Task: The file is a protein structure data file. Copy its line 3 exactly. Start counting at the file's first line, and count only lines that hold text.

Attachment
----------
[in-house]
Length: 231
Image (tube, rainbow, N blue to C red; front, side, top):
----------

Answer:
Image (tube, rainbow, N blue to C red; front, side, top):